November 7, 1991     The 86 foot fishing vessel Louise sank in heavy weather out of Dutch Harbor.  Four of her five crewmembers were rescued but one was lost.

November 22, 1991     The 94 foot crab fishing vessel Harvey G sank in the Bering Sea 100 miles north of Cold Bay with the loss of four crewmen; skipper Ken Krumal (32), Johnny Morgan of Seattle, Shaun Nelson Crane and Timothy Caudill.

December 8, 1991     The 38 foot harbor tug Peter H broke up and sank in Kachemak Bay near Hesketh Island with the loss of two crewmen. Owner Cynthia Stults of Seldovia and Donald Huitt were lost.

December 12, 1991     Crewmember Eric Thomas was working on crab pots, fell overboard and was lost from the 86 foot crabber Bering Empire north of Amak Island.

13 Replies to “Alaska Commercial Fishing and other Maritime Losses of 1991”

  1. If I remember correctly the Louise was lost longlining cod for hanging bait – using tub gear. Nygha was the skipper and Kurt was his deckhand. They sank in the pass. Nygha was Vietnamees and could cook in such a way that even greenling roe tasted good. He would make it into a paste that he dipped other food into. He was a person that I will never forget.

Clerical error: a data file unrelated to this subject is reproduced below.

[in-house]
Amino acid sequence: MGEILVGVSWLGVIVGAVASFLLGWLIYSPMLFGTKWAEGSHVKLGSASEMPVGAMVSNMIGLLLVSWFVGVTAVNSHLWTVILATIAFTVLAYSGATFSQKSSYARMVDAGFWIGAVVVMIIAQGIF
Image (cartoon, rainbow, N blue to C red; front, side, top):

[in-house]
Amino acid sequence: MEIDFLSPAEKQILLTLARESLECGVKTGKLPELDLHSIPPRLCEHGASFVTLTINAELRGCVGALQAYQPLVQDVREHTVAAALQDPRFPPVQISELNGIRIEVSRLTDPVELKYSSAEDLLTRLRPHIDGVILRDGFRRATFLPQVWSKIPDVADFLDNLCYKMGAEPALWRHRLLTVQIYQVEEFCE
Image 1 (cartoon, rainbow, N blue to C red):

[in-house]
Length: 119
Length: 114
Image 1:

1. Wast it Kurt Langer my childhood good friend?My very good friend we just lost Gary Powers told me this is the name of the vessel and the Captain was Vietnamese Thank You looking for any information.

  2. I am looking for any information on a girl I grew up with in Plano, Texas. We graduated together in 1970. As I understand it, she owned a tugboat and she died when it capsized on Dec. 9, 1991. Her name was Cynthia Stults. Any information would be greatly appreciated.